http://beforeitsnews.com/survival/2015/10/hunters-win-in-florida-judge-denies-motion-to-stop-black-bear-hunt-2587750.html?utm_source=dlvr.it&utm_medium=twitter

This hunt is not about dealing with the issues. This is the kinda crap we have to deal with the water. Big business coming in and taking away our Florida.

Where we’re at at this point and some history. I’m pretty sure this is from Chuck O’Neal

This might be a good time to review where we are in the legal process. In June of 2015, the FWC Commissioners passed a rule authorizing a bear hunt to begin Oct 24th. Legally, their rule could not be challenged until it be effective on July 29th. Two days later we filed our complaint (lawsuit) challenging the constitutionality of the FWC’s bear hunt rule on the basis that it was in contravention to the intent of the voters and intent of the framers of the 1998 constitutional amendment that created the FWC.

The Florida Supreme Court has consistently ruled from 1960 (Gray vs Bryant) forward that: “The fundamental object to be sought in construing a constitutional provision is to ascertain the intent of the framers and the provision must be construed or interpreted in such manner as to fulfill the intent of the people, never to defeat it. Such a provision must never be construed in such manner as to make it possible for the will of the people to be frustrated or denied.”

The FWC filed their answer to our complaint on September 30. Now that they have filed their answer we move into the discovery phase where we can depose potential witnesses under oath. Just like any other investigation, we must start at the bottom and work our way up the ladder. We have a statement under oath that the commissioners made the decision for the hunt to proceed this year. This statement was a completely new revelation because prior to this, the commissioners indicated they were acting upon the advice of Dr Eason. Now Dr Eason has said it was the commissioners who directed the hunt to proceed this year, not him.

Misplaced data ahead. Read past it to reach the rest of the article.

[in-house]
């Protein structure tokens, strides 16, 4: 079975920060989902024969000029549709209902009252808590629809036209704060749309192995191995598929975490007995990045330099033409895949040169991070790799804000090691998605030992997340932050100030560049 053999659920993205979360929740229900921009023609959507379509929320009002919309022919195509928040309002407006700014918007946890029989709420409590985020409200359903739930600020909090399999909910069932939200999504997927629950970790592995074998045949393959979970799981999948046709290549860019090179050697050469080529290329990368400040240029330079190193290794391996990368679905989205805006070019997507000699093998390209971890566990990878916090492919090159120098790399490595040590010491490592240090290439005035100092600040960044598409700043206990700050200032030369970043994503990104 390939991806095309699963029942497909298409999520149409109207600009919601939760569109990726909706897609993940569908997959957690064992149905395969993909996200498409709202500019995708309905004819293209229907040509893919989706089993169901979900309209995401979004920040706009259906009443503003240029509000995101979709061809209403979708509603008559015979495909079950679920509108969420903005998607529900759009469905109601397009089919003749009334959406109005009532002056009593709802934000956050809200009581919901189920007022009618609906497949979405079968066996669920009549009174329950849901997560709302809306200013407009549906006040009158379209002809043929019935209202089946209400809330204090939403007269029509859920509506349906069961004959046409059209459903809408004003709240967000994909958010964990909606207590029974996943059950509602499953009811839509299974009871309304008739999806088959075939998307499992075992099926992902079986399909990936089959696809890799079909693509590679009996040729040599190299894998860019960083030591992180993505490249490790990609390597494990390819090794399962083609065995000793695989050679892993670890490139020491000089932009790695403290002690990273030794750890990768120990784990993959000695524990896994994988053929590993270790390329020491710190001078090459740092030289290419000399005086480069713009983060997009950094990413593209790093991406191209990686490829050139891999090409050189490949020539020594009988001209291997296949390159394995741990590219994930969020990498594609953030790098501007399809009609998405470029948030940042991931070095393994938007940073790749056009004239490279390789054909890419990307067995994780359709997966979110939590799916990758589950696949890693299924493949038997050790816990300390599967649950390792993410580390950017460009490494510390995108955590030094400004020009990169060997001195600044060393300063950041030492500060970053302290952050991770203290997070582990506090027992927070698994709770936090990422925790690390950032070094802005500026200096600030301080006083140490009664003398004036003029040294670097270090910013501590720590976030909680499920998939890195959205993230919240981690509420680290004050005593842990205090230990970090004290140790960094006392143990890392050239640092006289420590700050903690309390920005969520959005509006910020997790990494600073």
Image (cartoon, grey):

Since the FWC took its time on answering the complaint and it was clear that the trial would not be held before the Oct 24 start of the proposed hunt, we filed an emergency motion for a temporary injunction to place a stay on the hunt until the case could be resolved. That motion for a temporary injunction was heard on October 1st. You can watch the replay on the Florida Channel link below.